Contractor's always do the big messy stuff first, like gutting bathrooms and kitchens, removing walls, changing windows, painting and new floors. So, the blinds have to work for a while as there is lots of expense and work before they can be attended to.
So, how does this relate to my little wood and faux wood blind blog?
I was just noticing how the blind - even though showing some wear, some fading, a slightly loose cord and some dust - is still doing a good job of standing duty in a very hot window. I got to thinking, this blind is still functional and actually looks halfway decent after 20 years. Back in 1995, the blind could not have cost more than about $100, so doing the math, this blind has suffered 20 years of extreme heat, dust and a rather long foreclosure for about $5 a year. And its still going. I wonder how the old wood blind would be doing if it was actually taken care of in a consistently climate controlled home for the last 20 years? Or how good might the old wood blind be if it was not in a window staring down the Arizona sun during the hottest part of the day?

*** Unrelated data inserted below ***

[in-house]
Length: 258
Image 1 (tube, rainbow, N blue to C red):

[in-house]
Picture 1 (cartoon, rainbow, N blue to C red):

Oh well, it doesn't matter. Someday I will retire the old wood blind, but I might just say a few kind words over it for its years of hard service and for consistently bringing functional value to my little office.
So what's the morale of the story? If you happen to be one of those people who appreciate the heart of this story, then a wood or faux wood blind may be the window treatment for you.
We would love to help you with your wood or faux wood blind project. Also, for a rough idea of what your project might cost, check out our online wood and faux wood blind calculator.